The menu labels are “an important first step toward educating the public on calories,” says Joe Thompson, the surgeon general of Arkansas and director of the Robert Wood Johnson Foundation’s Center to Prevent Childhood Obesity. “Most people don’t know how many calories they are consuming when they order something off a menu.”

Reid’s bill also sets aside $25 million for projects aimed at curbing childhood obesity, while the House plan has a pilot program that would award grants to communities for public-health campaigns. And both would give incentives to doctors to spend more time helping patients make healthy lifestyle choices. But many of these programs are still small or poorly funded.

One place where Democrats clearly took a pass was a proposal to impose a federal tax on sodas and sugary drinks. About a dozen states have adopted such taxes, and in poll after poll this summer, voters ranked the soda tax as one of their favorite options for financing healthcare reform. But the tax was vigorously opposed by the powerful beverage lobby, which said that it would adversely affect poor people and would not change consumer behavior. And so it disappeared.


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Children's BMI Data May Be Added to Immunization Records

Nov. 17, 2009, Amed News

By Pamela Lewis Dolan

Congress is considering a new grant program to fund body mass index surveillance demonstration projects.

Rep. Christopher Carney (D-Pa.) introduced legislation Oct. 28 to establish grants that would fund expansion of 10 state’s immunization records to include de-identified BMI data submitted by physicians.

All states maintain a registry in which physicians report and track children’s immunizations. Adding a BMI field, supporters say, would allow researchers to efficiently track obesity trends. It also would help physicians keep the obesity problem front and center by using an objective measure to monitor their patients’ weight.

While all states have an immunization registry, some are more sophisticated in their technology. Carney said states that receive the grants would be required to meet specific data standards and have an interoperable program allowing de-identified data to be shared widely. The program’s effectiveness would be evaluated after three years, at which time, Carney said, he would look at expanding it further.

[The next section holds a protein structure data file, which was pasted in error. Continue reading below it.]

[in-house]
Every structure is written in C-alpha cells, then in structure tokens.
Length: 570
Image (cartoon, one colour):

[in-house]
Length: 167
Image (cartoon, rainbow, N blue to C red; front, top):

Once data are collected, they can be analyzed to track obesity rates across states, counties, school districts or specific ZIP codes. By looking at obesity trends over time, researchers can assess the effectiveness of obesity prevention programs in targeted areas, Carney said.

BMI surveillance programs have been established in other areas of the country, but Michigan was the first to adopt a statewide program facilitated by physicians. Arkansas started a statewide program in 2003, facilitated through its schools.

According to the Centers for Disease Control and Prevention, obesity rates have tripled since 1980, with 16 percent of children age 6 to 19 classified as overweight or obese.


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USDA Proposes Increasing Meal Reimbursement for Schools That Serve Healthy Food

Nov. 17, 2009, RWJF Childhood Obesity News Digest

The U.S. Department of Agriculture (USDA) has proposed offering higher reimbursement rates to schools that serve healthy foods, Reuters reports. Child nutrition programs, including the National School Lunch and Breakfast programs, are slated for reauthorization early next year, and lawmakers are expected to focus their reform efforts on improving the nutritional quality of school meals as a way to help prevent childhood obesity. The school meal programs serve almost 40 million meals per day and account for “more than half [of] students’ food intake during the school day.” Under the current system, schools receive $2.88 in cash and USDA-provided food for each lunch served for free to students. The USDA proposal would increase that rate, by an amount to be determined, for schools providing more fruits, vegetables and whole grains. Noting that “it is important for us to reward top performers,” Agriculture Secretary Tom Vilsack told the Senate Agriculture Committee that they, as well as Congress, should examine “reimbursement rates that would be linked directly to increased nutritional values.” Sen. Blanche Lincoln (D-Ark.), chairwoman of the Senate Agriculture Committee, said she was “sympathetic to the concept of higher reimbursement rates” (Doering, Reuters, 11/17/09).